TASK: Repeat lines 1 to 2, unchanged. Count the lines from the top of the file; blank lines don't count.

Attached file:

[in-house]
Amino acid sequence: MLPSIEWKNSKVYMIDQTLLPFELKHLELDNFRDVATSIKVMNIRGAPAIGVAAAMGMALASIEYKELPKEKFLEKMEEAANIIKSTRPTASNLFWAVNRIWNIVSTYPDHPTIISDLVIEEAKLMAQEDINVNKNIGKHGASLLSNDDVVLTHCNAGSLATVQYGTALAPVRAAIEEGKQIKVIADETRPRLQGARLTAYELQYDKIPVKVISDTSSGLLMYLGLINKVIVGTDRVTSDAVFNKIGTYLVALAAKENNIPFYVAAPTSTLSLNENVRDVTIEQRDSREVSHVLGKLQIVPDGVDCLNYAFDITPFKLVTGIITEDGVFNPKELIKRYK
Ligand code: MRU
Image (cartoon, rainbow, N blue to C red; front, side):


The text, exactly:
[in-house]
Amino acid sequence: MLPSIEWKNSKVYMIDQTLLPFELKHLELDNFRDVATSIKVMNIRGAPAIGVAAAMGMALASIEYKELPKEKFLEKMEEAANIIKSTRPTASNLFWAVNRIWNIVSTYPDHPTIISDLVIEEAKLMAQEDINVNKNIGKHGASLLSNDDVVLTHCNAGSLATVQYGTALAPVRAAIEEGKQIKVIADETRPRLQGARLTAYELQYDKIPVKVISDTSSGLLMYLGLINKVIVGTDRVTSDAVFNKIGTYLVALAAKENNIPFYVAAPTSTLSLNENVRDVTIEQRDSREVSHVLGKLQIVPDGVDCLNYAFDITPFKLVTGIITEDGVFNPKELIKRYK